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Slab on Grade Construction

B W | Posted in Green Building Techniques on

I am sure this question has been asked a million times and I apologize beforehand for any repetitiveness. I am starting a house build within a few weeks and need to know the correct/best way to construct the Slab on grade. I am in zone 5, a mile from the ocean (Rhode Island). I am building a 2500sq ft, one-level home with SIP walls. The slab will be 4″ thick and have PEX tubing for heat. Although I have done a ton of research, I am confused as to the sub-slab construction. As I stated, the slab will be 4″ thick and have 2″ XPS on the bottom and sides. Should the 6mil poly (or equivalent) be under the XPS and then gravel or stone? Should there be anything else I should consider? I just want to make sure this is done right as I’m sure you can imagine, this will be the only time to get it right. -Thanks-

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  1. User avatar GBA Editor
    Martin Holladay | | #1

    Who is in charge of the foundation work -- you or a concrete contractor? If this is your first slab, you should know that concrete is unforgiving of errors and there are a lot of ways to make mistakes.

    Is this a thickened-edge slab or have your already poured frost walls? Perhaps it is a frost-protected shallow foundation? There are a lot of ways to do it, but you can't just place 4 inches of concrete on your subbase without considering perimeter loads and frost action.

    The poly vapor barrier always goes directly under the concrete -- never under the rigid foam.

  2. John Klingel | | #2

    "The poly vapor barrier always goes directly under the concrete -- never under the rigid foam." Which is a topic of debate, actually. B.W: Search here and various other places about that. I don't see that the issue is clear cut yet.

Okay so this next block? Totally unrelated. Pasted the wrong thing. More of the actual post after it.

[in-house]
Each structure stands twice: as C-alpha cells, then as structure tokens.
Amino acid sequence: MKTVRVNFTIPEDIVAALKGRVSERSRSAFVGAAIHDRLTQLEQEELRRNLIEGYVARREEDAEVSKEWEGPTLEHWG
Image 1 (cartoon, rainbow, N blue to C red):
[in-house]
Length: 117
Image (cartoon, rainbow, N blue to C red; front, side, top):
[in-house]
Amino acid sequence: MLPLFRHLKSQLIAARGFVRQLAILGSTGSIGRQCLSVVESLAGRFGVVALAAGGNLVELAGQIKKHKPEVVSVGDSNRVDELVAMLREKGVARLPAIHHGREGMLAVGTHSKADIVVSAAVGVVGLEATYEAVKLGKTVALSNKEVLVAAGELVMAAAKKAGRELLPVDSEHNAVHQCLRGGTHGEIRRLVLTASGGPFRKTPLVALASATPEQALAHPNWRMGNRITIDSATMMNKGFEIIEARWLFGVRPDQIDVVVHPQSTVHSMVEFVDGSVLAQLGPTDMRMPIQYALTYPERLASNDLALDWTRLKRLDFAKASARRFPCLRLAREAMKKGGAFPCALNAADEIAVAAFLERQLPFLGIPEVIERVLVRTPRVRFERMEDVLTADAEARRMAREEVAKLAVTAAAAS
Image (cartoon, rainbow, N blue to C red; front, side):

3. B W | | #3

    I will be having 4' frost walls (on a 16" x 8" footing) 10" thick...5.5" for sills and a 4.5" ledger for 2" of XPS and 2.5" for the concrete slab (which will also be pinned). My question is the subbase makup...dirt then 4" (?) of gravel then 4" (?) of stone then 6 mil poly then 2" XPS and finally the 4" concrete slab? I am doing the slab with a relative that works for a concrete contractor and I just don't want to make any mistakes. -Thanks-

  4. John Klingel | | #4

    BW: I am not a pro here, but that sounds like what we have always done, and what I see done and read of. Make sure you remove any disturbed dirt, then compact whatever gravel you install, usually in 4" layers (lifts) at a time. The poly under or over the foam is your call. Mine will go under, as others do, but, as Martin said, it is recommended by some learned building science cats to have the poly against the slab. The important point there, as I see it, is to not have ANY WAY for any water to get against the slab and wick up. That will kill materials put on slabs that are not vapor/water open.

  5. User avatar GBA Editor
    Martin Holladay | | #5

    Don't install any dirt inside your frost walls; only install gravel or stone, free of organic matter, carefully compacted with a tamper in short lifts. At least 4 inches of clean crushed stone is a good idea, followed by horizontal rigid foam, with vertical foam at the perimeter, followed by the poly vapor barrier, and then your concrete.

  6. John Klingel | | #6

    Oh. And don't forget radon pipes, if that is an issue in your area. Also, if you are heating the slab and are in a very cold area, more than 2" of foam may be advisable. Maybe 6 or 8".

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